The cybersecurity industry is currently abuzz with talk of automation, principally the central role it will play in handling the mass of threats besieging organisations daily.
Automation might be a current trend, but this does not mean it is an entirely new phenomenon, as some organisations have been repelling attacks with machine learning for years.
One such company is internet security provider, SonicWall, and CBR spoke to the CEO of the company, Bill Conner, to gain insight on how it is taking on the threat landscape and keeping customers safe.
Mr Conner said: “We have focussed on how to use software to isolate segments in your network; our firewalls have been using machine learning for over ten years. A malware cocktail is the easiest way to think of it, these three different technical engines are looking at every file that is unknown, and it is going to block that file from going in until it can characterise it and give it a green light in real time, it is all automated.”
Machine learning is able to use this data to form an understanding of which components constitute which threats, creating a self-strengthening mechanism with which to comb out incoming attacks.
“Using machine learning, we are not looking at the whole file, we look at the ingredients that are called artefacts, and if you artefact things I am now breaking down a G&T into gin, tonic, whether there is a lime or not, and then over here is a Bloody Mary,” said the SonicWall CEO.
SonicWall operate with a colossal 18,000 partners, having gained 5,000 in the past year, truly embracing the safety in numbers and collaboration that is proving essential in this cybersecurity era. By taking the algorithmic cocktail approach, everything within the SonicWall network is protected.
“Think of it as this, if my arm hurts I’m going to look at it and touch it, that is one engine, and parallel I’m running an x-ray to see if there is a broken bone, and thirdly I am running an MRI to look at soft tissue. That is how I spot the ingredients, and if it blocks then I feed it right back to that deep learning algorithm, and now every other customer, whether they have seen it or not, they are protected.”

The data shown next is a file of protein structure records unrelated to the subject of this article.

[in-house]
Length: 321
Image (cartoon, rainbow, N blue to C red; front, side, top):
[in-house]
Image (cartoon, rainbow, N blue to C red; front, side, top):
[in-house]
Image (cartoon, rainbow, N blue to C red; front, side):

A key factor that has driven the need for these kind of defences is the fact that cybercrime has become organised crime. Attacks can be accessed pre-packaged and with customer service, completely changing the game.
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“Now I do not have to be an expert in malware to go and pick up code, I can buy it 24/7, and they will guarantee it to get through something. They will keep mixing the cocktails until they find something that will work. You no longer have to be one of those geek kids, now it is organised crime, it is a business plan, and it is a highly lucrative business plan,” said Conner.
Conner believes the key to slashing the ever multiplying threat volumes is to be persistent in conducting joint operations to cripple the supply chain. Interestingly, Conner paralleled the cybersecurity situation with the current geopolitical environment, making the point that maximum strength is achieved in collaboration, rather than in isolation.
“As much as it is socially acceptable to be isolationist, Brexit, Trump for elected on protectionism, traditional politics right now are all about those barriers again, this is one where we have to be diligent and global in nature. The best defence is good offence; there are key players on the creation side that if we keep the focus on, it does disrupt the supply of new malware.”
While it seems to be clear that automation combined with collaboration is essential in the future of cybersecurity, the widening skills gap continues to place pressure on the industry. Keen to explore SonicWall’s approach to this problem, we put the question to the CEO.
“I spoke way back before it was cool in 2001, we have learned how to protect air, land and sea, the next threat is cyber. We have a million install based customers out there, 18,000 partners; I need to keep them educated on the line of what the new threat vectors are,” said Conner.
Cybersecurity education is currently of paramount importance, particularly in terms of data protection with the GDPR regulation on the horizon, now mere months away from going live. Bill Conner believes that preparation for this is essential, regardless of geographical location.
He said: “You will see us with a separate program on that, and how to deal with it. As big as it is here, you won’t hear about it on the American side, you to the other side of the pond and it is maybe one in ten awareness, but it is still global.”